Peter Greenaway once said that cinema as an “art form” has yet to be established.

He meant that, so far, movies aren’t much more than illustrated narratives: books with moving pictures to bring the manuscripts to life.

That comment has stuck with me, as I’ve begun to appreciate, more and more, how film can communicate through methods other than storytelling. Like the animals who respond to the beauty of the music in The Story of the Weeping Camel, I think human beings respond to imagery, to light, to color, and cinema can give us uniquely powerful experiences regardless of the story that the film does (or doesn’t) tell.

Now here’s Doug Cummings talking about Jean Renoir’s The River (1951).

He refers to Andre Bazin’s praise of the film, saying,

Bazin writes at length on the film’s atmosphere (“its majestic dimensions, its sense of grandeur, its universal spirituality”) and its refreshing simplicity: “Some are surprised by the slightness of the content of The River. . . . I think they are blinded by their literary frame of reference. They judge the film on the basis of the novel it could be turned into.”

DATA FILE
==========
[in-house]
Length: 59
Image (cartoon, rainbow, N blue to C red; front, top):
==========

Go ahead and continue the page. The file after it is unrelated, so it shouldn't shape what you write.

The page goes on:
Those words immediately reminded me of Greenaway, and now I’m sitting here thinking about the films that have moved me in ways entirely removed from their PLOT.

I keep going back to Kieslowski–I think his storytelling is wonderful, but in his later years, he began to repeat himself as a storyteller. He wasn’t merely redundant; he refined and refined certain ideas. But when I think of why I love Three Colors: Blue, I don’t think about the story much. I think about the light. I think about the way the music comes bursting through, like unexpected visitations of an imploring spirit. I think about subtle changes in Juliette Binoche’s face, which is often in close-up. I think about long, patient shots that develop in the viewer emotions that few films are brave enough, and smart enough, to provoke.

I think of Wim Wenders, who seemed to be resisting the inevitable tyranny of Narrative in Wings of Desire for as long as he could, using his angels as excuses to just drift and see.

A film’s rhythm and method affects our state of mind as we leave the theatre. After a cocky action-hero film, I often find myself overcome by the urge to swagger … for instance. (Did I just admit that?) But great artists influence the way I *look* at things. I begin putting frames around things in front of me, to look for whatever meaning God might be waiting for me to discern.

While I do not mean to discredit narrative–I love big screen narrative in all its myriad forms–I’m grateful for those artist who are more interested in helping us learn HOW to see, rather than just insisting on our attention for two hours.

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